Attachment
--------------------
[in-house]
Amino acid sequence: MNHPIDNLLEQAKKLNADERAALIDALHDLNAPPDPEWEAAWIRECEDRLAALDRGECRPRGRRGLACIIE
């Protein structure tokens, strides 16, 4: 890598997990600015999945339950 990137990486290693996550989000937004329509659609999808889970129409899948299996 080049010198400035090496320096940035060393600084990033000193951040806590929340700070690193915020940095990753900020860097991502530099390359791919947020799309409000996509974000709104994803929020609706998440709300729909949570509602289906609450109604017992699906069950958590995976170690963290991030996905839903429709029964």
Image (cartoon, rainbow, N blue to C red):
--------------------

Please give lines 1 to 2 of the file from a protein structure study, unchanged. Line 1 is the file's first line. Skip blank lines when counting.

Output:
[in-house]
Amino acid sequence: MNHPIDNLLEQAKKLNADERAALIDALHDLNAPPDPEWEAAWIRECEDRLAALDRGECRPRGRRGLACIIE